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Clay County, IA wind energy plan draws ire of some residents  

Credit:  By Erik Tyger, Evening Producer | KTIV | August 20, 2013 | www.ktiv.com ~~

A $2 billion project designed to transfer wind energy from northwest Iowa into Illinois is being met with some resistance.

During a forum in Spencer Tuesday afternoon, Clean Line Energy Partners and the Iowa Utilities Board got an earful from concerned landowners.

More than 200 people packed into the Clay County Events Center to learn more about the proposed Rock Island Clean Line project, a 500 mile overhead direct current transmission line that will deliver 3,500 megawatts of wind power from northwest Iowa into Illinois.

“There are a lot of strong supporters of the project. People are very excited about the wind energy potential,” said Hans Detweiler, Director of Development for Clean Line Energy.

The ambitious project boasts $7 billion in new wind farm investments, more than 5,000 construction jobs and millions per year in property tax payments among other benefits all laid out before a skeptical audience.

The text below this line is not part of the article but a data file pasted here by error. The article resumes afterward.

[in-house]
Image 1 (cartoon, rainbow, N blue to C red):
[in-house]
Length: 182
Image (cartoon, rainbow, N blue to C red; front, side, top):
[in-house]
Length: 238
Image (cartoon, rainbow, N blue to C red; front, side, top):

“It’s exactly what I expected to hear. You hear none of the negatives about thing,” said Jerry Crew, a Clay County land owner.

Crew is a member of the Preservation of Rural Iowa Alliance, a grassroots organization fighting the project. Property access, compensation and eminent domain are among the opponent’s chief concerns.

“We hope that as we have negotiations with landowners and they hear from us more and they hear the answers to their questions that we’ll be able to reach an amicable solution,” said Detweiler.

Clean Line Energy Partners would like to begin construction in two years then begin delivering electricity in 2017. But before it can, it has more public forums like Tuesday’s event. The company also needs to secure right-of-way access to private property and regulatory approval.

Source:  By Erik Tyger, Evening Producer | KTIV | August 20, 2013 | www.ktiv.com

This article is the work of the source indicated. Any opinions expressed in it are not necessarily those of National Wind Watch.

The copyright of this article resides with the author or publisher indicated. As part of its noncommercial effort to present the environmental, social, scientific, and economic issues of large-scale wind power development to a global audience seeking such information, National Wind Watch endeavors to observe “fair use” as provided for in section 107 of U.S. Copyright Law and similar “fair dealing” provisions of the copyright laws of other nations. Send requests to excerpt, general inquiries, and comments via e-mail.

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